Beijing Sightseeing 2008

Beijing Sightseeing

No visit to China would be complete without a visit to Beijing. Beijing is the cultural center of China, as well as the center of government. While it is a commercial center, it is not Shanghai or Hong Kong. With that being said, Beijing’s commercial development is astounding. Everywhere is construction-high-rise housing developments, office buildings, shopping centers, civil centers, and infrastructure developments. Sadly much of these developments are at the expense and destruction of the hutongs—the old Chinese neighborhoods. Equally visible are the beautifully kept parks and roadside gardens-full of roses and flowering plants.

Our hotel was located in the Wangfujing District, an area known for being a few blocks from the Forbidden City, Tiananmen Square and great modern shopping and restaurants. Our hotel was a four-star hotel meeting western and eastern standards for services, comfort, safety, dining, and bars that serve rum and coke (private joke.)

Arriving in Beijing at around noon, we went through customs and collected our luggage. Upon exiting the restricted areas, we were greeted by a very nervous and anxious young woman named Lydia (her selected western name.) We had taken our time in customs causing Lydia to think she had missed us and she was very worried about us. We assured her we were ok. She quickly noticed that Erika was the elder of our group, so immediately from that point one, Lydia carried Erika's bags and called her Auntie. She reminded us that it is Chinese culture to honor one’s elders. Lydia remained our Beijing tour guide whenever we had organized sightseeing outings and for our transfers to and from the airport.

That afternoon we got ourselves settled in at the hotel then went out exploring our area. To our surprise, the weather was a bit chilly and rainy. As mentioned earlier, our hotel area was in a ritzy modern shopping area so we saw familiar fashion shops intermixed with Chinese department stores. Robert and I had been to this area before and were surprised to see that many buildings had been demolished to make way for newer shops in time for the Summer Olympics in Aug 2008.

We did find a great place selling various Chinese teas. Now food exploring was next. We wandered down a side street with cart vendors selling various types of foods-like fried scorpions, noodles, chicken on a stick, fruits, etc. We didn’t sample these but instead opted to dine at a small restaurant with small, enclosed rooms for each group. The food was authentic and OK in taste.

Second day, Robert and I ventured out early in the morning to revisit the entrance of the Forbidden City, just so we knew we really were in Beijing. When I’m in New York, I know I’m there when I see the Empire State Building or Times Square. We were able to see men fishing in one of the many lagoons surrounding the Forbidden City.

Our scheduled tour for this day was to a section of the Great Wall and one of the Ming era tombs. Lydia joined us on this private tour, about a one-hour drive from Beijing. We did travel through the Olympic village district and saw many of the stadiums to be used—many still under construction.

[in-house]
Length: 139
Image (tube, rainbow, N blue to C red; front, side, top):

The section of the Great Wall we visited in nestled in a mountainous area. In fact, we took a cable car to reach the ridge from which we saw and walked on the Great Wall. The Great Wall is an amazing structure even when compared to today’s construction feats. We walked on the main walkway on the top of the wall and along the side to get different perspectives. We got a good workout climbing the sometimes very steep stairs and inclines. Many times there were people traffic jams. There are many views that allow you to see the wall extending for miles over the mountains or into the horizon.

Leaving the Great Wall, we traveled to a nearby area to see one of the underground tombs of an emperor and empress from the Ming era. A Ming era tomb is similar in concept to an Egyptian tomb—a great power buried with his or her treasures in a secret compartment, looted eons ago and now restored for today’s visitors to better understand and learn.

I did ask our tomb tour guide about the history and safety of the underground tombs considering earthquakes. She assured us that there are no earthquakes in this area. I knew this to be incorrect. Coincidentally, it was on this day and during this time that the massive Sichuan earthquake struck central China. No harm came to us.

Other sightseeing trips we took in the Beijing area were to the Temple of Heaven and surrounding beautiful park, Summer Palace, Forbidden City, Tiananmen Square, a teahouse ceremony, and an acrobat show. All of these are amazing and beautiful in their own right. We also went to the Beijing Opera at the Liyaun Theatre. Not opera in the western manner but more about storytelling of ancient Chinese folktales using singing, dance, martial arts, and elaborate costumes and makeup. Best of all, we were served food and drinks while we watched the show.


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